Click Interview’ with Tommi Stumpff: ‘Utilitarian Music’

Belgian born Thomas Peters better known as Tommi Stumpff became a true reference in the…

Belgian born Thomas Peters better known as Tommi Stumpff became a true reference in the world of 80s EBM. Albums like “Terror II” (1988) and “Ultra” (1989) became successful productions featuring hits like the legendary “Massaker”, but also “Lobotomie” and “Meine Sklavin”. Nearly twenty years after his last studio production, there’s a new (mini)-album hitting the streets. “Alles Idioten” released on Danse Macabre Records features six songs mixing solid Electronic bass lines together with the Industrial power of the guitar play and enraged vocals. The production is getting us back to the powerful- and rough sound of the artist. Stumpff is now a true band already working on new songs.

(Courtesy by Inferno Sound Diaries)

Q: “Alles Idioten” is your first new work in years. What have been the triggers to start composing music again and what are the most significant changes/evolutions compared to your early years? 

Tommi: I was seeing bands with guys of my age, and that gave me the idea to start jamming again. I met up with Rüdiger Schuster at the Amphitheater back in 2014 and we decided to give it a shot. The big difference from my solo career is that this time, we’re hitting the stage as a band –with guitars. The sound became harder and more metallic. The baritone guitar from Sam H. Hunt is also part of our sound now.

Q: Are you nostalgic? I mean how do you look back at the songs and albums you released in between 1982 and 1993? And how did you perceive the evolution of music (and the scene) after you stopped yourself making music? 

Tommi: No, I’m not that nostalgic, but the music from that era –especially what I had been doing back then –well, I like it more than ever before. After all, it wasn’t long ago that I re-released my old albums “Zu Spät Ihr Scheißer”, “Terror II” and “Ultra”. Songs like “La Lueur”, “Lobotomie” and “Creve Petit Con” in particular –those are ones we still play live nowadays. It’s as much fun for me listening to them as it ever was.

I can’t think of any big jump that I’ve made from the music I was doing back around 1993. But I hadn’t spent that much time with it, either. 

Q: I think it’s nearly impossible comparing the 80s with the music of today and yet, I get the impression listening to “Alles Idioten” brings the good-old Tommi Stumpff sound alive. Tell us a bit more about the writing- and recording process of the album? What are the main points of satisfaction and what have been the main difficulties/challenges you encountered?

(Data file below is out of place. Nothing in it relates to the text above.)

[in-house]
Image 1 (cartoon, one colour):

Tommi: It all begins when I start working on an idea I’ve in mind, and then I start putting the Electronic parts into place. Either I start with a melody, or I’ve already got a line in my head. The lyrics always come last. 

Being able to switch to digital instruments in Linux was a great opportunity, giving me more control over the sounds I was creating than I ever had before. The analog parts –guitar and vocals, are recorded in a conventional manner at Dungeon Studio, Rhenania, with the help of Marcel P. 

Q: Because of the ongoing pandemic it’s rather strange to unleash a new album in such hard times. “Alles Idioten” however sounds as an appropriated title to reflect the world we’re living in. But what is it really all about and what did you try to express by this title and the lyrical themes? 

Tommi: It will take more than a pandemic to keep me quiet. The songs were already done and had to get out there. What’s interesting is that 90% of everybody thinks that 90% of everybody else are a bunch of idiots – which may very well reflect reality. 

Our new album “Alles Idioten” is. When the situation calls for it, it feels good to shout “Geh Sterben” ([fuck off and] “Go Die”) or “Alles Idioten” ([you’re all just] “A Bunch of Idiots”).

Q: Your music has been often connected with EBM, but I always experienced your sound as ‘atypical’. It’s not that different for the new work. How important for you is it to always have had this particular sound, kind of sound DNA? 

Tommi: Sounding different from everything else has always been very important to me. Needless to say, the new songs have the personal Tommi Stumpff touch too. I always tried creating distinctive sounds from the very outset, and that hasn’t changed, although I do make most of my sounds with Yoshimi and Linux. Whenever a certain sound captures my attention, I’m quick to record it and use it in one of my pieces. 

Q: You lived in Brussels (Belgium), Paris (France) and of course Düsseldorf (Germany). How important has been the impact of the places you lived on your music? And what did you keep in mind from you stay in Belgium and France? 

Tommi: None of that really influenced me that much. I started playing guitar when I lived in Brussels, and when I came back to Düsseldorf at the age of 16, I wanted to launch a career in music. We played in a schoolboy band back then. 

The things I remember most about Belgium and France were the schools –and the smells. Brigitte Bardot lived near our place in Paris. 

Q: Do we have to see “Alles Idioten” as a ‘one shot’ experience or do you’ve concrete further plans?

Tommi: We’re not calling it quits. We’re working on new songs. 



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